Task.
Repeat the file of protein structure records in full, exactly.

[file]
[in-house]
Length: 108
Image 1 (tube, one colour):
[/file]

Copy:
[in-house]
Length: 108
Image 1 (tube, one colour):